Other commenters have mentioned some of my issues with the episode, such as Jake's lack of concern for altering decades of history. Of course, any time when our main character(s) encounter some temporal issue, we the viewers know that they will correct it (for the most part). I always get the impression that the timeline is meant as a single one (there can be only one!). Our main characters are almost always fully driven to "fix" the timeline to how it "should be" or was "meant to be." This episode is less about the time/subspace travel and more about the characters, and that is fine.

The other issue I have on subsequent viewings that no one mentioned exactly is the idea that Jake would be so driven to fix everything. Obviously losing his father is painful and the visits are not helpful to getting over it (though he seems to get by for a while - he writes, he's married, etc.). I am just not sure that Ben and Jake seem close enough to justify so much emotional plotting.

I feel like over the course of the series, we are TOLD Ben and Jake are super close more than we ever really see it. We are essentially told that because Ben's wife/Jake's mom is dead, they are closer. Maybe, but there are countless instances where they do not seem very close (some of which were mentioned in comments above).

Take the episode where Ben and Jake build the ship in space. They do not seem very close, but plot-plot-plot and they are so close at the end. Ironically, in this episode we are commenting on, Jake is busy writing and doesn't care much about his father's excitement in the wormhole phenomenon. Of course, this is part of what leads to the "put your head up" statement, but Jake cannot take that advice, as he never met his future self or lived to see his father disappear, after the timeline is restored (or the accident is prevented or whatever).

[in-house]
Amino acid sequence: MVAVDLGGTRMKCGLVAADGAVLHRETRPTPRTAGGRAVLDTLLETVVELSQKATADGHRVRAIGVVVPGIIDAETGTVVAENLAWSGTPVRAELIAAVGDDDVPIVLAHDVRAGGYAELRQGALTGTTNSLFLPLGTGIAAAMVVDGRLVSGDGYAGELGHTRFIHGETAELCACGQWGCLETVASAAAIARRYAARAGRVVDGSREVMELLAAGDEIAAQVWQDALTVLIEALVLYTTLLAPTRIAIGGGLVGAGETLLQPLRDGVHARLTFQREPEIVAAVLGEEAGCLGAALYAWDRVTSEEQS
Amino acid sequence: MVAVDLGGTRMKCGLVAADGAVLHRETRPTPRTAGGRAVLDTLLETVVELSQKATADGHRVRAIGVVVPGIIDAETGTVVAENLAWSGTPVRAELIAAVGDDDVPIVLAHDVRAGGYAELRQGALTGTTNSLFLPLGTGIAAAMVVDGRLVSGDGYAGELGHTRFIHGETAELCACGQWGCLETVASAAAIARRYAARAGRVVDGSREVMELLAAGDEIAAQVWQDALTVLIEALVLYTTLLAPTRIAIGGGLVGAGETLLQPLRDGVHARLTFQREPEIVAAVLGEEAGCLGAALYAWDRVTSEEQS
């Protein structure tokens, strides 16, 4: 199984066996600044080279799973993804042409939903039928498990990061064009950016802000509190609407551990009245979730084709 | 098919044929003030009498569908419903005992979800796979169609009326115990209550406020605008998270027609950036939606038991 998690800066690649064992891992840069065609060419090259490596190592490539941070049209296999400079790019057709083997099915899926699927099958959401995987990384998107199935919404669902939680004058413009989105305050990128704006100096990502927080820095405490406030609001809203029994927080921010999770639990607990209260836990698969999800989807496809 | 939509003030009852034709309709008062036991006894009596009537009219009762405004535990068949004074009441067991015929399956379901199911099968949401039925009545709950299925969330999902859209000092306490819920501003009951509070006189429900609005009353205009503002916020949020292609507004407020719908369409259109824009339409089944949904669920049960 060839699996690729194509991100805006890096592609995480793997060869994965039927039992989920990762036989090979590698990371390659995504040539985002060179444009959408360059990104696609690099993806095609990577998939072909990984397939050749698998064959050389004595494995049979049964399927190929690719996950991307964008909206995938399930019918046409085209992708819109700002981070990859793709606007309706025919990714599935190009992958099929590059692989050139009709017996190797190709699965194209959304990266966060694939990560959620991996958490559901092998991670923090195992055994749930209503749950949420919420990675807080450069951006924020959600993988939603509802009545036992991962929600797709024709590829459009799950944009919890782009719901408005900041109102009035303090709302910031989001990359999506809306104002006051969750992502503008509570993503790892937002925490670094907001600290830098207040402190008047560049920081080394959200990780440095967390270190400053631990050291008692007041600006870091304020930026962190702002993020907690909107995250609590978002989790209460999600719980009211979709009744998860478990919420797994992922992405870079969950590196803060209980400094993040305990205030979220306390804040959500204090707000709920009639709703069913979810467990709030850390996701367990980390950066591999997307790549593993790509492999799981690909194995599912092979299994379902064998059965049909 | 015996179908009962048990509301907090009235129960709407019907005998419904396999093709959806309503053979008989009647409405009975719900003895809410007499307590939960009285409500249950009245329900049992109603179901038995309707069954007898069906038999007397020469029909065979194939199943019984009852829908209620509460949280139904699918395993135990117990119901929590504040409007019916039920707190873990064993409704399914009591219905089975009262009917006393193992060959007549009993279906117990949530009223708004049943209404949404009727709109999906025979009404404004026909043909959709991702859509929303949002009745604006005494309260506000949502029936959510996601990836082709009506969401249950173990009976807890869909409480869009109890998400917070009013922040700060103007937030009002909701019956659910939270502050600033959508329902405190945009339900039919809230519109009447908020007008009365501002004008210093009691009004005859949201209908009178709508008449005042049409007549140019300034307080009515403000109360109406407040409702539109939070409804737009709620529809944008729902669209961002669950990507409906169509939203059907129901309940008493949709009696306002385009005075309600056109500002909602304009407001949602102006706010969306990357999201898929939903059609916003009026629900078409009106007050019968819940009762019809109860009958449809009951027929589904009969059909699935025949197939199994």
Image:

Of course there are other moments in the series, SPOILER like Jake staying on DS9 during Dominion occupation for example SPOILER, which only further the notion that they are not as close as the writers or this plot want us to believe. Ben and Jake are close when the plot wants it, and maybe more so in Ben's mind than Jake's usually.

This is why the scene with Jake weeping over his father in sickbay just seemed flat in the 2nd and later viewings. Sure, he is torn up over his father's death, but I just never bought that they had that kind of relationship. Maybe losing Ben made Jake realize how much his father meant to him (or should have). That feeds back into the "put your head up" notion. If only there had been lasting consequences from this, where they could remember and feel closer, but no.

I liked Todd's performance and Lofton is better than usual. Brooks is hammy in moments, but I have just accepted that is Ben Sisko. I know people in real life who always seem to be a little over-the-top like that. The writing is decent enough and it is a nice change-of-pace after TWOTW and given the stuff coming in later seasons.

Probably 4 stars on 1st viewing, 3 in subsequent ones.
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WTBA
Tue, Oct 11, 2016, 7:58am (UTC -6)
Re: ENT S3: Doctor's Orders

I am surprised no one mentioned the easter egg of Phlox thinking something was outside the window on the hull.

It seemed like an homage to Shatner's Pre-Trek Twilight Zone episode, where he sees a creature on the wing of the plane he is on.

As for the twist, I was surprised to see T'Pol the first time she appeared, but did not consider that she was not real until the end. I wasn't exactly surprised as much as it just made sense given what had proceeded it.
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WTBA
Tue, Aug 16, 2016, 10:49pm (UTC -6)
Re: ENT S1: Oasis

I loved the "holographic doctor" line.

There is another similar nod when Ezral says it is strange being in space again after so long (great in-story, but an obvious a nod to Rene's time on DS9 too, albeit only three years hence).

Very predictable overall, though watching it for only the second time recently, I did not remember how it resolved.